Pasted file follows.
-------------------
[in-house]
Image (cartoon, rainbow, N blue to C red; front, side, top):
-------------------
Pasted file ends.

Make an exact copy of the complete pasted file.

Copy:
[in-house]
Image (cartoon, rainbow, N blue to C red; front, side, top):